Originally Posted Tuesday, February 7, 2009
A great deal has been written about how smoking technique changes the pipe smoker’s experience. While smoking technique seems to apply only to the strength and pace of draw, we know that a number of other variables also impact the experience: the pipe selected, chamber shape, the tobacco blend selected, and the density at which the tobacco is packed into the bowl.
Most pipe smokers focus first on their pipe and/or tobacco selection, secondarily on their tobacco-packing technique, and finally on tamping technique.
From my experience, however, the method by which the pipe is lit seems to warrant far less attention than other considerations.
One recent Saturday as I commenced lighting a bowl of G.L. Pease Stonehenge – a particular favorite of mine – when I reached for my old boy lighter I realized I had left it at home, so I asked my tobacconist for a box of wooden Swan Vesta matches. As I lit the tobacco, I was struck immediately by how different my experience of Stonehenge was upon my palate. This is a tobacco I know and love. It is one with which I have considerable experience, yet it tasted markedly different.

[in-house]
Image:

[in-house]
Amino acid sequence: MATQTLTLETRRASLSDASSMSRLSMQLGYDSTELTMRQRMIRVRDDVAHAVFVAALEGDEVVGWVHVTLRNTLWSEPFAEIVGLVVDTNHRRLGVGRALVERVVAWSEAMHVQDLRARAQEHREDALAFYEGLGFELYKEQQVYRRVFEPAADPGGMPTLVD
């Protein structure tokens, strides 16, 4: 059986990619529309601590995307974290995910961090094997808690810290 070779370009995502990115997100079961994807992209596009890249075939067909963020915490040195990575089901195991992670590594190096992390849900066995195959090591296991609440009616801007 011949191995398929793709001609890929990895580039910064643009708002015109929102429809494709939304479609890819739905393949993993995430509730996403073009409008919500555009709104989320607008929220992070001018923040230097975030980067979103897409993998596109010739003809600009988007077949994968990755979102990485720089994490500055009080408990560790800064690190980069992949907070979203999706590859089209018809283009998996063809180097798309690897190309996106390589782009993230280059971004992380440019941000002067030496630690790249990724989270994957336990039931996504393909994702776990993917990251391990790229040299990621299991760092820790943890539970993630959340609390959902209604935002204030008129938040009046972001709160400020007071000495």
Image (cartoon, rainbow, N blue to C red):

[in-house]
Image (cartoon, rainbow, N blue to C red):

It is not unusual to have a favorite tobacco taste somewhat different from time to time. For example, I find that if I’m drinking espresso or strong black coffee that the first tobacco sip will yield a somewhat more subdued mix of flavors. If I’m drinking bourbon whisky, the taste will be stronger and more sugary. But this difference constituted an order-of-magnitude difference in flavor. There was considerably more sweetness and muskiness in the smoke. The sugars took on the typical smoky molasses quality found in Stonehenge, but the typical burnt caramel note I had come to expect was missing.
As I sat and wondered what was going on, I inspected the moisture of the tobacco. In a moment of epiphany, I realized that I had probably never lit this tobacco with a match as opposed to with my lighter. In that moment, I decided to experiment for a month or so by lighting my pipes solely with matches. I put my lighters in the drawer and I have been using matches exclusively since then.